It’s a long time problem that we’ve discussed many times before on these pages, and one that we’ll no doubt continue to discuss for a while yet.
Just how do we develop our young Canadian talent if they can’t get meaningful minutes for their club sides at the top level here in Canada?
Some go on loan, some look for an actual move to an European club, some take the lower league option and some take the college route. A few also juggle a combination of these options, whereas others are reduced to merely sitting on the bench and reserve game outings.
With the U20 World Cup qualifying campaign coming up, and hopefully then a build up to the finals themselves in the summer, it’s vital for the Canadian national team that their squad members are getting the necessary development that actual competitive playing time gives them.
It’s a problem that Head Coach Nick Dasovic is fully aware of, but putting the solution into place isn’t that simple:
“I think right now, there’s players that have moved out of the Academy ranks with this group and going into the professional environment.
I’ve talked to some of the clubs on a personal level. I think that everybody wants to find a solution to the problem of getting minutes for our players.
We have to understand that every Head Coach, whether it be Martin Rennie, Paul Mariner or whoever is going to be there in Montreal, they have an obligation to their team.
Can they give them minutes?
If you actually look at the facts, they want to try and maybe get them loaned out to different clubs, whether that be in the NASL, the USL, in Europe. I don’t know what the situation is, but our kids need to be playing to continue their development.
The age group we’re struggling with isn’t the youth group, it’s now the 18-23 age group we’re struggling with. That’s where we’re not getting games for the players.”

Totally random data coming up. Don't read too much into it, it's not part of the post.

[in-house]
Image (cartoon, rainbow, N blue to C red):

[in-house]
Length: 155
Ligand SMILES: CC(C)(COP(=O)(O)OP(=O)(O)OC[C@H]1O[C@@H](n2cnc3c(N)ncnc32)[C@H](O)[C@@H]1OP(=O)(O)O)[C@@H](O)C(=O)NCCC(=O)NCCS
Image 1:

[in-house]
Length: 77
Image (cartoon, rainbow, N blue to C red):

With the growth of the MLS and NASL academies, this is likely to be the greatest source of players for the Canadian U20 and U23 teams for many years to come, but the full impact is not likely to be felt for a while yet.
Only ten of Dasovic’s current 21 man training camp squad are coming from Canada’s top four professional sides (eleven if you count Montreal’s Ismail Benomar who is currently over in Germany). Only the Caps’ Bryce Alderson and Caleb Clarke, and TFC’s Doneil Henry, are on their team’s MLS squads.
But the minutes are hard to come by, especially here on the west coast. We may develop some great young talent here in Vancouver, but it’s what we then do with them once they graduate the Academy that is the whole key to the future at both club and country level.
Doneil Henry played in 18 of Toronto’s MLS games this season, starting 11 of them and scoring one goal in 1139 minutes played. He also saw 84 minutes over two Champions League games. That’s not bad development opportunities for a 19 year old and sets a standard to aim for at least.
Caleb Clarke on the other hand saw just 15 minutes of action in two games for the Whitecaps, whilst Bryce Alderson saw none whatsoever.
Other players are at least getting some regular playing time with the Academies here, with Montreal’s U21 having been playing in the CSL.
But then you have players like Ben Fisk who has been somewhat in limbo and only training with the Caps since returning from a short trip to Germany at the end of the USSDA season.
Too old for the U18s and nowhere to play for the Whitecaps unless he is signed to a MLS contract or until the PDL season starts in May.
How can that possibly be good for any young player? Or Canada? Training can only develop you so much.